Feature

A first lady becomes president

The election victory of Argentina

What happenedThe election victory of Argentina’s first lady, Cristina Fernandez de Kirchner, was confirmed by near-final results on Monday, setting her up to become the South American country’s first elected female chief of state. The president-elect sailed to an easy victory thanks to the success of the economic policies of her husband, President Nestor Kirchner, in sparking a recovery after a financial meltdown. But rising inflation and a looming energy crisis are raising the prospect of problems ahead. “The president-elect won't have a honeymoon," Fernando Gonzalez wrote in the daily Clarin.

What the columnists saidAmericans should watch what happens next, said Roberto Guareschi in The Miami Herald (free registration). Argentina is launching “a political experiment” that might catch on—that of “ruling couples.” The Kirchners aren’t exactly global power brokers, but they’ve taken on “an aura of importance” because their electoral success precedes “by a year the power duo that the Clintons may form in the United States.”

Congratulations are in order, said the Buenos Aires Herald in an editorial, but let’s not get carried away. Senator Kirchner’s victory was the “weakest win of any direct victory since 1983.” And the “modesty” of her mandate won’t be the president-elect’s only challenge. She didn’t offer “a road map for the next four years” during the campaign or in her victory speech. Oh, well. Maybe she’ll say something at her inauguration.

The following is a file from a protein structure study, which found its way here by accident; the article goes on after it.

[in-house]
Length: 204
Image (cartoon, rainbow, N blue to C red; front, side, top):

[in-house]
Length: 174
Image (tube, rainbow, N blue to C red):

The new government will face challenges, said Mark Weisbrot in the Los Angeles Times (free registration), “but these problems are manageable.” When Argentina defaulted on $100 billion in debt in 2001, economists everywhere predicted disaster. Instead, the Argentine economy grew by 8.5 percent a year—more than twice the average for Latin America. It just goes to show what you can do when you pay attention to a country’s needs, instead of “the conventional wisdom of the economics profession” and “powerful international institutions such as the International Monetary Fund.”

Recommended

The Week contest: Booze rescue
Cans.
Feature

The Week contest: Booze rescue

Great Britain has its 1st Catholic prime minister. Surprise!
Boris Johnson, Carrie Symonds
Things that make you go hmmmmm...

Great Britain has its 1st Catholic prime minister. Surprise!

Biden suspends Trump's 25 percent tariff on Scotch whisky
Scotch
Slàinte mhath

Biden suspends Trump's 25 percent tariff on Scotch whisky

Almost all operations shut down as COVID-19 outbreak hits U.S. Embassy in Kabul
The U.S. Embassy in Kabul.
coronavirus crisis

Almost all operations shut down as COVID-19 outbreak hits U.S. Embassy in Kabul

Most Popular

7 toons about the Dems' Joe Manchin problem
Political Cartoon.
Feature

7 toons about the Dems' Joe Manchin problem

Bernie Sanders wants to know if cannabis reporter is 'stoned' right now
Bernie Sanders.
Sounds dope

Bernie Sanders wants to know if cannabis reporter is 'stoned' right now

Georgia election workers reportedly received a 'torrent' of threats
Trump rally.
The big lie

Georgia election workers reportedly received a 'torrent' of threats